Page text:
A randomized multicentre trial of insulin glargine compared with NPH insulin in people with type 1 diabetes
Article first published online: 15 JUL 2005
Copyright © 2005 John Wiley & Sons, Ltd.
Diabetes/Metabolism Research and Reviews
Volume 21, Issue 6, pages 545–553, November/December 2005
How to Cite
Home, P. D., Rosskamp, R., Forjanic-Klapproth, J. and Dressler, A. (2005), A randomized multicentre trial of insulin glargine compared with NPH insulin in people with type 1 diabetes. Diabetes Metab. Res. Rev., 21: 545–553. doi: 10.1002/dmrr.572
- Issue published online: 20 OCT 2005
- Article first published online: 15 JUL 2005
- Manuscript Accepted: 16 MAY 2005
- Manuscript Received: 12 AUG 2004
- Aventis Pharma
- type 1 diabetes;
- basal insulin;
- insulin glargine;
- NPH insulin;
- blood glucose control;
To compare insulin glargine with NPH human insulin for basal insulin supply in adults with type 1 diabetes.
People with type 1 diabetes (n = 585), aged 17–77 years, were randomized to insulin glargine once daily at bedtime or NPH insulin either once- (at bedtime) or twice-daily (in the morning and at bedtime) according to their prior treatment regimen and followed for 28 weeks in an open-label, multicentre study. Both groups continued with pre-meal unmodified human insulin.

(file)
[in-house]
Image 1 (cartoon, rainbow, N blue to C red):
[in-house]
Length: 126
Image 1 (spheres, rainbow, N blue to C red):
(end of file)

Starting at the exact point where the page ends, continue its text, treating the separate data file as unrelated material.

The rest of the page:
There was no significant difference between the two insulins in change in glycated haemoglobin from baseline to endpoint (insulin glargine 0.21 ± 0.05% (mean ± standard error), NPH insulin 0.10 ± 0.05%). At endpoint, self-monitored fasting blood glucose (FBG) had decreased similarly in each group (insulin glargine −1.17 ± 0.12 mmol/L, NPH insulin −0.89 ± 0.12 mmol/L; p = 0.07). However, people on >1 basal insulin injection per day prior to the study had a clinically relevant decrease in FBG on insulin glargine versus NPH insulin (insulin glargine −1.38 ± 0.15 mmol/L, NPH insulin −0.72 ± 0.15 mmol/L; p < 0.01). No significant differences in the number of people reporting ≥1 hypoglycaemic episode were found between the two groups, including severe and nocturnal hypoglycaemia. Insulin glargine was well tolerated, with a similar rate of local injection and systemic adverse events versus NPH insulin.
A single, bedtime, subcutaneous dose of insulin glargine provided a level of glycaemic control at least as effective as NPH insulin, without an increased risk of hypoglycaemia. Copyright © 2005 John Wiley & Sons, Ltd.